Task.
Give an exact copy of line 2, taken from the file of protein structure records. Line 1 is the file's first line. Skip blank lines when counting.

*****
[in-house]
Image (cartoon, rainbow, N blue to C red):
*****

Image (cartoon, rainbow, N blue to C red):